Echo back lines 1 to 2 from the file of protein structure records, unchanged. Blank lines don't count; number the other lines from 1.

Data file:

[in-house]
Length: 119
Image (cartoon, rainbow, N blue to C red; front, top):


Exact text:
[in-house]
Length: 119